Smuds i børnehaven: En undersøgelse af uønskede personlighedstræk i børnehavers vurderingsmaterialer.

Gitz-Johansen, T.
Dansk Pædagogisk Tidsskrift 3, 75-84.


The purpose of the study is to examine the personal traits regarded as being ‘foul’ in assessment material used in Danish daycare facilities for assessing child development. The researcher uses the term ‘foul’ to refer to undesirable and unacceptable traits in the children. The assessment material analysed is: “Læringsmål og indikatorer for det 3-årige barn” (Learning targets and indicators for three-year-olds), ”Vejledende udviklingsbeskrivelse, 3-6 år” (Guiding description of child development, 3-6-year-olds) (the questionnaire for 3-year-olds was used), ”Individuel vurdering af det tosprogede småbarn, 3 år” (Individual assessment of bilingual children, 3-year-olds), ”Kompetenceprofil” (Skills profile), ”Individuel vurdering af det tosprogede 3-årige/4-årige barns tilegnelse af dansk” (Individual assessment of the bilingual 3-4-year-old’s Danish skills), ”Den nemme – et hurtigt format af Københavnertesten” (The abridged version of the Copenhagen test - language assessment and test material) and ”TRAS: Tidlig registrering af sprogudvikling (2-3 år og 3-4 år)” (Early assessment of language development, 2-3-year-olds and 3-4-year-olds). The material was reviewed with regard to examining which children and which traits found in children are accepted socially and are appreciated, and which traits are not accepted, but are considered negative and undesirable, i.e. ‘foul’.


On the basis of the assessment materials analysed, the author constructs the ‘foul child’. There are four different categories of the ‘foul child’, all of which refer to children who stand out from the ‘norm’ in the daycare facility and are viewed as ‘undesirable’. The author notes that his findings are based on analysis of various assessment material from different sources, and therefore the results should be seen in this context. The following categories of children seen as e.g. undesirable were identified: The first category of the foul child is the ‘loner’. The loner does not seem to be interested in other children or in what other children are interested in. This entails that the loner is not interested in creating relationships or being part of a larger group   . Loners often sit alone and play without paying attention to what is going on around them, and therefore the loner can be described as being introverted, asocial and not belonging to the group in the daycare facility.      The second category of the foul child is the ‘contact seeker’ and the ‘yes-child’. In contrast to the loner, the contact seeker is extremely extrovert and overly social in the sense that he or she never plays alone or in parallel with others, but always seeks out company when this is possible.    The ‘yes-child’ takes too little initiative with regard to social play situations. The yes-child refrains from making the rules when playing and does not come with any input when playing.    Both the contact seeker and the yes-child fail at setting clear limits for what they want to do and what they do not want to do.  The next categories are the ‘anarchist’, the ‘egoist’ and the ‘competitive child’. Like the loner, the anarchist is also asocial. Anarchists break or ignore the social rules of the daycare facility. Similar to the anarchist, the ‘egoist’ is incapable of demonstrating care for other children or of considering other children’s well-being. The ‘competitive child’ is focused on winning, and in contrast to the ‘yes-child’, the competitive child wants to be right and to win.      The next categories are ‘the scaredy cat’ and the ‘wild one’. The scaredy cat is very cautious when interacting with others and when using his or her body, whereas the ‘wild one’ is often very physically violent and rarely sits still. The wild one is fidgety and restless and does not care for sedentary activities such as reading. The final two categories of ‘foul’ children are the ‘nerd’ and the ‘artist’. The nerd is interested in technical and logical activities instead of music and aesthetic activities, whereas the artist is not interested in building with bricks or constructing roads in the sandbox. Instead, the artist is interested in poems and rhymes and other musical and aesthetic activities.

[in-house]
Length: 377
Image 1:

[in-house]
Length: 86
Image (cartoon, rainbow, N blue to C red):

The assessment material used in Danish daycare facilities was reviewed to identify what personality traits or properties are deemed undesirable or negative. The study examines what the child, according to the materials, may not be or become when in daycare. The theoretical concept ‘foul’ is used to analyse the assessment material. When using this concept, focus is on traits that in a given social and cultural context are deemed to be unhealthy, undesirable and unattractive in a child.


Gitz-Johansen, T. (2012). Smuds i børnehaven: En undersøgelse af uønskede personlighedstræk i børnehavers vurderingsmaterialer. Dansk Pædagogisk Tidsskrift 3, 75-84.

Financed by

not disclosed